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By Chris Vespoli

When I look back on my childhood memories of Christmastime, I, like most of you, can picture how my parents’ house looked in years past. Well, I mean you can probably picture how your parents’ house looked, not mine. And if you can picture what my parents’ house looked like, what the fuck were you doing sneaking around a little kid’s house?

Anyway, I remember the Long Island scene well: the Christmas tree, the lights, the presents, the stockings hung with care (and when care didn’t do the trick, duct tape). But there’s one, more curious piece of decor that cuts through these images like a hot knife through reindeer meat (which I hear isn’t as gamey as you’d think). Every year, my dad and stepmom would snake a long strand of garland up the wall and across an archway in our living room — a fairly standard Christmas accouterment on its own, but along this garland used to hang Christmas cards that my parents had accumulated over the years. Dozens of them, some postmarked far before I was even born.

Who saves Christmas cards like this?, I’d wonder as my childhood waned into my teenage years. Now, as a 30-year-old adult, I find myself asking, Who even sends Christmas cards in the first place? Answer: Not me. Not ever. And as awkward of a thing it is to do, I feel the need to tell my contacts that they shan’t be expecting one from me. I just don’t see the point.

Every year my mailbox is overrun with cards from acquaintances both nearby and far flung. Don’t get me wrong; I do appreciate the gesture, as well as the time people invest in selecting, signing, stamping, and sending physical greetings through the post — no simple task in this hectic modern life. And, I must admit, I do sometimes get a kick out of the more creative family photos included in such correspondence. For example, good friends of ours (when I say ours, I mean my wife and I) sent us a doctored picture of their toddler son mimicking Macaulay Culkin’s iconic pose in Home Alone — mouth agape and hands pressed to his cheeks — while they, dressed as burglars, glare through an open window. Brilliant. And let’s not forget my childless acquaintances who send shots of themselves posing with their dog or cat. They really do make me smile. But as good as they make me feel, I won’t be returning the favor.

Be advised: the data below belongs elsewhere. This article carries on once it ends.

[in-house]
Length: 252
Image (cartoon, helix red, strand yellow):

It’s not that I reject wholesale the idea of wishing people tidings of joy come the end of the year, it’s just that I choose to do so in a fashion that doesn’t involve wasting precious paper resources and burdening the beleaguered United States Postal Service. I call people, I visit them, I have dinners and exchange gifts. To me, that goes farther than a piece of mail, no matter how far it travels to its destination.

Also, I don’t feel the need to express my true feelings only during the season of Christmas, a holiday which I no longer celebrate in the religious sense for reasons I will not go into here (my disillusionment with Catholicism is fodder for an entire series of novels rivaling the Game of Thrones saga in both emotion and breadth). In fact, why should I limit my well wishing to a string of weeks at the very end of the year? I would think people who support the idea of wishing people well, especially members of the Christian faith, would encourage friendly greetings throughout the year.

Still, there are those who equate not sending Christmas cards to some kind of sacrilege. Such people clearly are unaware of the history of the Christmas card. According to the Greeting Card Association (yes, there is such a thing), the very first Christmas card was sent by a Londoner named Sir Henry Cole in 1843. The design, which in part depicted revelers in the midst of celebration, was lambasted by Puritan groups of the day, assumably because they felt it an insult to the solemn miracle of the birth of Christ. Yes, Puritans hated Christmas cards too, and it doesn’t get much more religious than Puritans.

My rejection of Christmas cards will undoubtedly be met with derision — not because there’s any real logic behind the act of sending them, but because it’s tradition. It’s just what you do. I need not stress the danger in this line of thinking to those of you familiar with the short story work of Shirley Jackson.

So, people of New York, and around the world, I wish you all a Merry Christmas and a Happy New Year…just don’t expect to get it in writing. Maybe we could get a drink sometime.

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